"We have conducted an investigation into the allegations against Carolina Panthers interim general manager Marty Hurney, which included a review of available law enforcement and court records, sworn testimony in prior proceedings, and interviews of multiple persons including Mr. Hurney," the NFL said in a statement obtained by NFL Network Insider Ian Rapoport. "We also requested an interview with Mr. Hurney's former wife, which was declined through her attorney. Our investigation identified no evidence to support an allegation of domestic violence or similar conduct that would constitute a violation of the personal conduct policy."
Hurney was placed on paid leave on Feb. 4 amid the NFL probe. According to a court document obtained by NFL Network's Mike Garafolo, Hurney's ex-wife filed a complaint against him in Mecklenburg County Court (North Carolina) before her lawyer later filed a notice of voluntary dismissal of the grievance.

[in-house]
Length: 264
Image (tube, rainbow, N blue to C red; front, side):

"Words cannot express how thankful Marty is for the love and unwavering support of his family," Hurney's attorney, Kathleen Lucchesi wrote in a statement obtained by Garafolo. "He is grateful to the NFL for conducting a thorough investigation. He is also grateful for the continued confidence and support of the Panthers organization. Marty is looking forward to getting back to the work of building a strong and successful Panthers team for the 2018 season."
Hurney, 62, took over the Panthers' front office on an interim basis after Carolina fired general manager Dave Gettleman in July.
According to Rapoport, Hurney is once again considered the favorite for the full-time GM job, per a source informed of the situation. A formal decision on the team's GM job is expected to be made soon, Rapoport added.
The NFL's probe into Hurney came with the league also looking into allegations of workplace misconduct made against majority owner Jerry Richardson. Days after the NFL launched its investigation, Richardson announced he would sell the team. The Panthers officially went up for sale following the team's wild-card loss last month.
Richardson ceded day-to-day control of the team in December to Tina Becker, a 20-year employee of the team who was promoted to chief operating officer.